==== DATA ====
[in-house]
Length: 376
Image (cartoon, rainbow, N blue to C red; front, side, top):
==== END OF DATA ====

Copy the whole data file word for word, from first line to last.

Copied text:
[in-house]
Length: 376
Image (cartoon, rainbow, N blue to C red; front, side, top):